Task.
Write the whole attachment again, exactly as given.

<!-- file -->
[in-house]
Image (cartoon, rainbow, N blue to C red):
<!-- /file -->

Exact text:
[in-house]
Image (cartoon, rainbow, N blue to C red):